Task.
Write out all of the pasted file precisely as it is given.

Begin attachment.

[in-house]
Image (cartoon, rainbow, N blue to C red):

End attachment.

[in-house]
Image (cartoon, rainbow, N blue to C red):